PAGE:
Endometriosis is a chronic, often painful condition in which the tissue that normally lines the uterus (called the endometrium) starts growing outside the uterus. The overgrowth most commonly affects the fallopian tubes, ovaries, and pelvic lining but can also spread beyond the pelvic area.
Endometriosis is commonly treated with hormone therapy, surgery, pain medications, and lifestyle changes. Still, because it can be so difficult to treat, many women will turn to natural therapies, such as TCM, to support the medical treatments prescribed by their doctors.
Traditional Chinese Medicine has been used to treat endometriosis for a long time. The treatments include acupuncture, acupressure massage and herbal medicine.
Acupuncture involves the insertion of tiny needles in the skin, mainly to treat pain. A 2017 review of studies published in the journal PLoS ONE found evidence, albeit slight, that acupuncture can reduce abdominal and pelvic pain and the size of the endometrial overgrowth in women with endometriosis.
Massage therapy is also believed to relieve the symptoms of endometriosis in two ways: By gently releasing adhesions that stick uterine tissues together and by alleviating stress that can amplify pain sensations and trigger uterine spasms.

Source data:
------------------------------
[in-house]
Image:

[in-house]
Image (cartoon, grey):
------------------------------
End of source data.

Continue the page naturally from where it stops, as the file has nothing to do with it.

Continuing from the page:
A small study conducted in 2010 reported that 23 women with endometriosis had a significant reduction in pelvic pain after six weeks of massage therapy. In total, the women were given 20 twenty-minute sessions focusing on the abdomen, sides, and base of the spine (sacrum). No other treatments were prescribed during the six-week study.
Practitioners of traditional Chinese medicine (TCM) typically used a combination of herbs to treat uterine conditions like endometriosis.
Endometriosis is not categorized as a disease in TCM but is rather described as a "blood stasis syndrome" characterized by the formation of abdominal lumps.
A comprehensive review of studies published in the Cochrane Database of Systematic Reviews found that Chinese herbs used to treat blood stasis appeared comparable to the steroid gestrinone in relieving endometriosis pain after laparoscopic surgery.
When used outside of surgery, the Chinese herbs appeared to be just as effective as the synthetic androgen danazol in providing endometriosis pain relief.